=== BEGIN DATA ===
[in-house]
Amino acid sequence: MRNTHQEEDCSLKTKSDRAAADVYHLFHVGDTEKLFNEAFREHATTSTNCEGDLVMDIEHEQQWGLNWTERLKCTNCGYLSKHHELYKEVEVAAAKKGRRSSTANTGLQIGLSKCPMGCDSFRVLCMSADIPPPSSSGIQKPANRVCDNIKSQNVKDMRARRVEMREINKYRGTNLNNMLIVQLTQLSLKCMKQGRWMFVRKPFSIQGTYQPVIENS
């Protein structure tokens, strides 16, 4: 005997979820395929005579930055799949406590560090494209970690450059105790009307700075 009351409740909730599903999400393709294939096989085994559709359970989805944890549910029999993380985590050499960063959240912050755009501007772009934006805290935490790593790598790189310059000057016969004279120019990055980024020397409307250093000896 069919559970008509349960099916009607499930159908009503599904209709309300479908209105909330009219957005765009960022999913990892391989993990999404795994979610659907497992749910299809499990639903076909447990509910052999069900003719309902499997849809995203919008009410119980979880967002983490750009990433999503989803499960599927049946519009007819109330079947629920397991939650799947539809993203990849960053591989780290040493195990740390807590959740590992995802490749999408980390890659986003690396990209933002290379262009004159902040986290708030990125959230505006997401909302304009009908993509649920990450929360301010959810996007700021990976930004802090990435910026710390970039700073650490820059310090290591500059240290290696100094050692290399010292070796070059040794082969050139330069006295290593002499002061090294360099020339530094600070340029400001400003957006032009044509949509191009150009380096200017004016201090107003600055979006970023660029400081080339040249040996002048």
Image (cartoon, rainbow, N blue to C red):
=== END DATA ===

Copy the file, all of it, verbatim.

[in-house]
Amino acid sequence: MRNTHQEEDCSLKTKSDRAAADVYHLFHVGDTEKLFNEAFREHATTSTNCEGDLVMDIEHEQQWGLNWTERLKCTNCGYLSKHHELYKEVEVAAAKKGRRSSTANTGLQIGLSKCPMGCDSFRVLCMSADIPPPSSSGIQKPANRVCDNIKSQNVKDMRARRVEMREINKYRGTNLNNMLIVQLTQLSLKCMKQGRWMFVRKPFSIQGTYQPVIENS
């Protein structure tokens, strides 16, 4: 005997979820395929005579930055799949406590560090494209970690450059105790009307700075 009351409740909730599903999400393709294939096989085994559709359970989805944890549910029999993380985590050499960063959240912050755009501007772009934006805290935490790593790598790189310059000057016969004279120019990055980024020397409307250093000896 069919559970008509349960099916009607499930159908009503599904209709309300479908209105909330009219957005765009960022999913990892391989993990999404795994979610659907497992749910299809499990639903076909447990509910052999069900003719309902499997849809995203919008009410119980979880967002983490750009990433999503989803499960599927049946519009007819109330079947629920397991939650799947539809993203990849960053591989780290040493195990740390807590959740590992995802490749999408980390890659986003690396990209933002290379262009004159902040986290708030990125959230505006997401909302304009009908993509649920990450929360301010959810996007700021990976930004802090990435910026710390970039700073650490820059310090290591500059240290290696100094050692290399010292070796070059040794082969050139330069006295290593002499002061090294360099020339530094600070340029400001400003957006032009044509949509191009150009380096200017004016201090107003600055979006970023660029400081080339040249040996002048």
Image (cartoon, rainbow, N blue to C red):